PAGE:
The Threat Of Rising Inflation, Falling Crude Oil Prices Still A Menace

Inflation for the month of November may remain benign, but cannot be trusted to remain benevolence for too long. One, the expected increase in demand for food in December is likely to alter the course by the end of December. Two, the increased budgetary spending is also likely to impact on the trend in 2016. With income, particularly personal income not likely to improve for most workers, rising inflation will eat into their lean wallets.
Bismarck Rewane, chief executive officer of Financial Detivatives who gave some insight into inflation outlook in December, said, “we expect headline inflation to increase further in December due to increased demand for food as well as fuel scarcity, which still persists. Furthermore, we expect the increased money supply (M2) in the system due to higher liquidity, to result in demand pull inflation”.
He said, though the Central Bank of Nigeria (CBN) intends to stimulate growth with its current expansionary monetary policy strategy, there are inflationary risks associated with such a strategy. 
At a time when Nigeria is currently experiencing increasing liquidity, currency pressures and declining revenue, a countercyclical monetary policy when monetary conditions are loose runs the risk of stoking the embers of inflation, if the output growth is slower than the M2 growth.
He said, though Lagos urban inflation index decreased marginally to 12.30 percent in November, down 0.08 percent from 12.38 percent in October,
the year-on-year (YoY) food index increased to 15.09 percent from 14.23 percent, while the YoY non-food index decreased to 10.89 percent, from 11.44 percent in October. 
Rewane said the decrease in urban inflation was as a result of decrease in the non-food index despite higher food prices and transportation costs. We expect prices to increase in December due to the flurry of activities that are expected to take place during the festive season.
The CBN’s decision to cut MPR highlights its appreciation of the role of an accommodative policy stance in supporting the growth strategy. In the short term, the impact of the rate cut is expected to increase the demand for credit and thereby put pressure on the consumer price level. Average NIBOR is expected to continue trading at its current low levels of between 0.5 per cent and 1%, due to the high level of liquidity in the system.

The Budget and $38/b Benchmark

The Medium Term Expenditure Framework and Fiscal Strategy Paper forwarded to the upper chamber by President Muhammadu Buhari decided the benchmark oil price for the year 2016 as $38 per barrel.
While some of the lawmakers called for an increase in the benchmark price, others supported the decision of the Federal Government to peg the benchmark at $38 per barrel.
Not long after the decision, crude oil price in the international market became treacherous, falling too close to Nigeria’s benchmark price at $39/b. some school of thoughts believe that it is too early to fret and that crude oil prices usually oscillates and may settle for something above $40 to $50 per barrel later.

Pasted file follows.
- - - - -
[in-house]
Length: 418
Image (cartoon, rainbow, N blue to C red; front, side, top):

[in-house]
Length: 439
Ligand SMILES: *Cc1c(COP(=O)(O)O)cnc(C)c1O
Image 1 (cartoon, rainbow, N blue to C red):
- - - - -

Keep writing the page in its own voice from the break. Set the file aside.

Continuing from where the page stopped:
But another school of though believe that it not healthy for one to count his chicks before the eggs are hatch. They want the government to be as conservative as possible.
Commenting on the proposed $38 per barrel benchmark for the 2016 budget, Dolapo Oni, the Head of Energy Research, Ecobank Capital, reportedly said, “I think it is a fair price. The oil market is pretty volatile and reacting to the OPEC news currently.”
He believes oil price could even go lower to $38 per barrel, but added that it would recover above $40 and potentially $50.
“We have forecasted an average of $46.33 per barrel next year because we see the potential for prices above $50 as well as prices in the $20-30 range. In my opinion, therefore, I think the benchmark is satisfactory,” Oni said.
Brent, against which most of the world’s oil, including Nigeria’s is benchmarked, has fallen by more than 60 per cent in the past 18 months, putting pressure on oil-exporting countries.
The global benchmark fell below the $40-per-barrel mark on Tuesday for the first time in almost seven years.
The steep decline in oil prices had in March forced the National Assembly to settle for $53 per barrel as the benchmark price for the 2015 budget, down from $65 proposed by the Executive.
This year the Government is planning $38 benchmark price as the price was $41/barrel a week ago. But, when the OPEC meeting held on 4 December even worsened the situation.
The oil producing countries refused to cut their production resulting in furthermore decrease in the prices. Even Nigeria too disagreed to cut its crude oil production as to stand in the competition.

Borrowing To Meet Short Fall, Raises N1.2trn In Q12016

Ahead if Next year, the central bank has concluded plans to raise N1.22 trillion ($6.13 billion) from treasury bills in the first quarter of 2016, the apex bank said lastFriday.
The CBN said it would auction N245.77 billion worth of 91-day bills and N238.51 billion worth of 182-day paper between December 17 this year and March 3, 2016.
It will raise N735.54 billion worth of 364-day treasury bills in the same first quarter of next year.
The government issues treasury bills regularly as part of monetary control measures to help lenders manage their liquidity and fund government revenue shortfalls.
Yields on local denominated debt have plummeted since the central bank slashed its benchmark interest rate to 11 percent from 13 percent last month.

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